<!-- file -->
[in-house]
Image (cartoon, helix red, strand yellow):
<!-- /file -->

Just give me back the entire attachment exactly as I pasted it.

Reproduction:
[in-house]
Image (cartoon, helix red, strand yellow):